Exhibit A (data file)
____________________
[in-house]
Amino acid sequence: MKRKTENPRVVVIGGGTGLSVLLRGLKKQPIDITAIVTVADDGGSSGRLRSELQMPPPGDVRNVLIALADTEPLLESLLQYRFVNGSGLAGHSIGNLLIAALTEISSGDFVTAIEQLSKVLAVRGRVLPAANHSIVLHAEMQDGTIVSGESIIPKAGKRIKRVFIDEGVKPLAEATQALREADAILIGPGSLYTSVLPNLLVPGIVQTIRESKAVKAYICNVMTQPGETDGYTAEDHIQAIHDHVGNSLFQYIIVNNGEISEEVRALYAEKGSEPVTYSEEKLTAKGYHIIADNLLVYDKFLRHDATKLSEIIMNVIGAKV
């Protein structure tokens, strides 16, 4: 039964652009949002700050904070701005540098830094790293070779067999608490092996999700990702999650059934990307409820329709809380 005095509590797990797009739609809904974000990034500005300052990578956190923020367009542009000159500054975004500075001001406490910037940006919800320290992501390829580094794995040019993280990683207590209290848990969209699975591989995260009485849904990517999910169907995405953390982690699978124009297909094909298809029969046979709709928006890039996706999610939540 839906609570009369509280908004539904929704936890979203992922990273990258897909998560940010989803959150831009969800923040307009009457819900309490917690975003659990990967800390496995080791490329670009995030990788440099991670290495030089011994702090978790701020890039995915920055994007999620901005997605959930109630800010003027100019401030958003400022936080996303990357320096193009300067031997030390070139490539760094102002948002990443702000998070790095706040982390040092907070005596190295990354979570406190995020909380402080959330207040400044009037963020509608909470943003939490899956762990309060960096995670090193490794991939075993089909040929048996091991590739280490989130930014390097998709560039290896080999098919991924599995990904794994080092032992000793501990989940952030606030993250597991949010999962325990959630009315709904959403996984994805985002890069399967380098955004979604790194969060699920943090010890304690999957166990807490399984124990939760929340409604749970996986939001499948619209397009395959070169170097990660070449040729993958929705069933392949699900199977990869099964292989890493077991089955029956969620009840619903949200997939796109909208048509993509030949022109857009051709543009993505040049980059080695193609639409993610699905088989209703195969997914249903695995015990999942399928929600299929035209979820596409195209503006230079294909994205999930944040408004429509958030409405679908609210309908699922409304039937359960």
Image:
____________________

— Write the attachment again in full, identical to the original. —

[in-house]
Amino acid sequence: MKRKTENPRVVVIGGGTGLSVLLRGLKKQPIDITAIVTVADDGGSSGRLRSELQMPPPGDVRNVLIALADTEPLLESLLQYRFVNGSGLAGHSIGNLLIAALTEISSGDFVTAIEQLSKVLAVRGRVLPAANHSIVLHAEMQDGTIVSGESIIPKAGKRIKRVFIDEGVKPLAEATQALREADAILIGPGSLYTSVLPNLLVPGIVQTIRESKAVKAYICNVMTQPGETDGYTAEDHIQAIHDHVGNSLFQYIIVNNGEISEEVRALYAEKGSEPVTYSEEKLTAKGYHIIADNLLVYDKFLRHDATKLSEIIMNVIGAKV
């Protein structure tokens, strides 16, 4: 039964652009949002700050904070701005540098830094790293070779067999608490092996999700990702999650059934990307409820329709809380 005095509590797990797009739609809904974000990034500005300052990578956190923020367009542009000159500054975004500075001001406490910037940006919800320290992501390829580094794995040019993280990683207590209290848990969209699975591989995260009485849904990517999910169907995405953390982690699978124009297909094909298809029969046979709709928006890039996706999610939540 839906609570009369509280908004539904929704936890979203992922990273990258897909998560940010989803959150831009969800923040307009009457819900309490917690975003659990990967800390496995080791490329670009995030990788440099991670290495030089011994702090978790701020890039995915920055994007999620901005997605959930109630800010003027100019401030958003400022936080996303990357320096193009300067031997030390070139490539760094102002948002990443702000998070790095706040982390040092907070005596190295990354979570406190995020909380402080959330207040400044009037963020509608909470943003939490899956762990309060960096995670090193490794991939075993089909040929048996091991590739280490989130930014390097998709560039290896080999098919991924599995990904794994080092032992000793501990989940952030606030993250597991949010999962325990959630009315709904959403996984994805985002890069399967380098955004979604790194969060699920943090010890304690999957166990807490399984124990939760929340409604749970996986939001499948619209397009395959070169170097990660070449040729993958929705069933392949699900199977990869099964292989890493077991089955029956969620009840619903949200997939796109909208048509993509030949022109857009051709543009993505040049980059080695193609639409993610699905088989209703195969997914249903695995015990999942399928929600299929035209979820596409195209503006230079294909994205999930944040408004429509958030409405679908609210309908699922409304039937359960």
Image: